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Tuesday, May 21, 2019

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Benjamin Leigh Smith

Posted to Maritime Musings (by on November 26, 2013

A now-forgotten British yachtsman and Arctic explorer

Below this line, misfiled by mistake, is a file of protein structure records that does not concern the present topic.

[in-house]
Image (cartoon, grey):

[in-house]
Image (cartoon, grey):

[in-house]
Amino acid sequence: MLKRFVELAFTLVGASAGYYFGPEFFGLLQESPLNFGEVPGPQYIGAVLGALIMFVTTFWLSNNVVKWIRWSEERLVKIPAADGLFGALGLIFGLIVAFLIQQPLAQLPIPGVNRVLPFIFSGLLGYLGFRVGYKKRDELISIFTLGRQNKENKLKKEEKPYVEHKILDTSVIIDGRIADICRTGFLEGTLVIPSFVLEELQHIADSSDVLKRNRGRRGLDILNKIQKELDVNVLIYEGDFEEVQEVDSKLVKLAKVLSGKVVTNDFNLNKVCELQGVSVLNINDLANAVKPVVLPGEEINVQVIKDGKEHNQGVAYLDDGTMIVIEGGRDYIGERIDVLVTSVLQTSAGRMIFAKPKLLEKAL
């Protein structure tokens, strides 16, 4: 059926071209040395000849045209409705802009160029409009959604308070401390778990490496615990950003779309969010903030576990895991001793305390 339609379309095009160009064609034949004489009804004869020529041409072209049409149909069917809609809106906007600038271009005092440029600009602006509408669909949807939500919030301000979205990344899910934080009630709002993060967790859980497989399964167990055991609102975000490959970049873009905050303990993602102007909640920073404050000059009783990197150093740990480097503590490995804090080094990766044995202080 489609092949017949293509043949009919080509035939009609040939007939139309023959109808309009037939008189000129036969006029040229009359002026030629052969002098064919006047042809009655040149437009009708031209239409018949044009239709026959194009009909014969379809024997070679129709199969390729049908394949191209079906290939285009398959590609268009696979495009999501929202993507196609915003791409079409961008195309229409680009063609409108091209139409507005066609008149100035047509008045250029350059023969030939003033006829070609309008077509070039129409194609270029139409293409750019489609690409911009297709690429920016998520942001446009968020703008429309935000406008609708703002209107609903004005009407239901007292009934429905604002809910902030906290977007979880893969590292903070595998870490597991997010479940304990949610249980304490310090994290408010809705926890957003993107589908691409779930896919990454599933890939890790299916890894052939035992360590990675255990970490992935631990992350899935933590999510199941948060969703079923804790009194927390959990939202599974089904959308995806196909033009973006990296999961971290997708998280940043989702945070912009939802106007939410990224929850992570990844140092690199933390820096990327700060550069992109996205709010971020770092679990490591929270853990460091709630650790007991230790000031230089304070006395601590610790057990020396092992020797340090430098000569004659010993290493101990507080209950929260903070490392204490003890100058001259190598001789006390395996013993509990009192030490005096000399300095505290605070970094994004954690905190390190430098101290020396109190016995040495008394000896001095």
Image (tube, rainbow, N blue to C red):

Benjamin Leigh Smith was born in the Sussex countryside, the illegitimate son of a Radical Whig politician.  He lived the stigma of illegitimacy for his entire life and was always very shy.  Leigh Smith entered Jesus College, Cambridge at age twenty, earning a BA in 1857 and a Master’s degree in 1861.  He was admitted to the bar, but never practiced law.  He became preoccupied with Arctic exploration, financing his own expeditions.  In 1871, he charted the ice-strengthen ketch Samson and explored the north coast of the Svalbard archipelago, charting for the first time several small islands.  He returned to England with an extended series of data on seawater temperatures in the region.  In 1872, he again chartered the Samson.  Calling first at Jan Mayen, where he mapped several craters, the expedition returned to Svalbard for more observations.  In 1873, Leigh Smith chartered the Arctic steamer Diana to survey Kong Karls Land in the Svalbard archipelago.  During that voyage he relieved a Swedish expedition that had gotten beset in the ice the previous year.  In 1880, he had the screw barquentine Eira (Welsh for “snow”) built to his specifications.  He sailed first to Jan Mayen, where he encountered a Scottish whaler.  On board was the young Arthur Conan Doyle, serving as ship’s surgeon.  Leigh Smith then turned to Svalbard and continued further east.  Briefly beset in the ice, the ship broke free and then reached Franz Josef Land, only the second ship to achieve that feat.  While gathering various specimens, the crew captured two baby polar bears.  Upon return to England, the polar bears were presented to the London Zoo and specimens were donated to the British Museum.  The Eira departed again in 1881 for its final voyage.  The expedition returned  to Franz Josef Land, conducting extensive charting of the area.  Trapped in the ice on 21 August 1881, the hull was damaged and the ship sank quickly.  The crew saved most of the provisions, but was stuck far from home with no winter clothing.  They built a shelter out of turf and stone, with a sail as the roof.  Provisions included 500 pounds of flour, 400 pounds to bread, a barrel of salted meat, tinned foods, and tea.  In addition, the crew had been able to save 70 gallons of rum, 36 bottles of champagne, 60 bottles of beer, eighteen bottles of whiskey, twelve bottles of gin, and some sherry.  They also had various guns and ammunition.  The party was able to kill 34 polar bears and 24 walrus, providing themselves with a meat-rich diet.   After surviving for ten months on meat and alcohol, the party made its way back to Novaya Zemlya and arrived safely in Aberdeen in August 1882.  Leigh Smith declined to attend the meeting of the Royal Geographic Society where a friend presented his paper on Leigh Smith’s behalf and accepted for him the Patron’s Gold Medal.  He thereupon ceased his explorations.